Why Are Dads Less Involved with Autistic Toddlers?

father and son on beach
father and son on beach. father and son on beach

Why are dads so often "second class citizens" when it comes to raising their autistic toddler?  Often, the reasons are built into our culture.  The reality is that, in general, moms bond most closely with infants.  This is usually linked to two causes.

First, of course, moms give birth and (in most cases) breast feed.  This physical necessity mean that mom really must spend a great deal of time in close contact with her infant child.

  While dad can cuddle, dress, and change an infant, there really isn’t a lot of logic to having dad wake up in the night for a baby he’s physically unable to feed!

Second, most women who are working are entitled to a reasonable amount of maternity leave (at least three months) whereas, at least in the United States, paternity leave is rarely as generous.  Thus, dad may go back to work within a week of a baby’s birth, while mom stays at home recovering from birth and bonding with the baby.

In quite a few cases, moms decide to actually stop working for a period of time in order to raise her young child – which, of course, means dad has no option but to stay at work. 

Many mothers take their babies out to participate in mother-child groups. Mommy and Me programs have expanded to include everything from fitness classes in which baby is a part of the action to baby play dates, library events, and so forth.

  The rare dad who does choose to stay home with a very young child while mom returns to work is likely to find it very tough to get involved with such programs as the one and only male!

As a result of these cultural norms, mom is usually the one who spends the most time with a baby.   She’s also the one who spend the most time with other same-age babies, whom she can observe up close.

  It’s mom who, therefore, has the time, experience, and knowledge to compare her child to others – and notice any apparent issues or challenges.

Once mom notices a difference between her child’s development and the development of other same-age children, she may bring the differences to dad’s notice.  But dad is unlikely to have much basis of comparison – after all, how many same-age infants is he likely to run into at work?  As a result, while he may believe that his partner’s observations are accurate, he may be less likely to become concerned (unless the differences are very severe and obvious).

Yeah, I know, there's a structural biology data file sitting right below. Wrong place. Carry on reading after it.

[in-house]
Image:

Often, therefore, it’s mom who jumps on the Internet to explore possible explanations for her child’s apparent differences, delays, or unusual behaviors.  It’s mom who determines that her child really should be evaluated by an expert.  And it’s mom who actually chooses the expert, makes and keeps the appointments, and follows up on the doctor’s advice.

All too often, dad is a passive observer as all this is happening.

  In some cases, dad may be unwilling to acknowledge the possibility that his child has a significant developmental disorder.  But just as often (or perhaps even more often), dad has no clear role in the child’s evaluation, diagnosis, or treatment planning. He may come to an appointment or two, but mom has already taken the lead. 

By the time many dads have actually come to grips with his child’s issues, done some research on the subject, investigated options, and come to any conclusions, his partner may already have set up a program and gotten started with a course of treatment.  This puts dad in the position of being a second-tier partner in the process of parenting his autistic child.

It’s not always easy to avoid this scenario; much of it is built into our culture.  It is important, however, to notice dad’s exclusion when it happens – and to take action before dad begins to feel marginalized or mom begins to feel isolated or frustrated.  Dad’s involvement is critical; allowing a parent to become an invisible partner is never a good choice.

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